Mining Risk Management

MFGunderstands the unique demands and exposures for Mining risks and their owners. Our service platform for the Mining industry tailors a program designed to fit your unique needs. For your risk transfer resource, contact a MFG risk consultant for more information about developing or enhancing your risk management program. As part of its mission to increase miner safety, the Mine Safety and Health Administration (MSHA) has put an increased focus on exposure monitoring in surface and underground metal and nonmetal mines to ensure better worker protection from overexposure to harmful airborne contaminants. Agency efforts include stakeholder outreach, education and training and enhanced implementation of existing standards.

MFG Insights

    Since it influences workplaces in almost every industry across the United States, Occupational Safety and Health Administration (OSHA) regulation is something you are no doubt familiar with. However, you may be less familiar with the few situations that don’t fall under OSHA’s jurisdiction. In the mining industry, the Mine Safety and Health Administration (MSHA) replaces OSHA as the regulating body of workplace safety. While you may not work primarily in the mining industry, if you do contract work with mine owners or operators on mine property, you need to know when you are responsible for following MSHA regulations in addition to your OSHA responsibilities.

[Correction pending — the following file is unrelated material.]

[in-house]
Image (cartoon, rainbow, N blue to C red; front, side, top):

More than 30 years ago, an act of Congress gave the MSHA the power to shut down mines that show a pattern of violations—a power that has yet to be used. As part of its plan to force mines to police themselves, the MSHA has recently stated that it will begin taking action to shut down mines that are repeatedly cited with safety violations. This means that multiple citations will not only cost large amounts of money, but could also cause a mine to be shut down, regardless of whether safety improvements were made in the wake of the citations.

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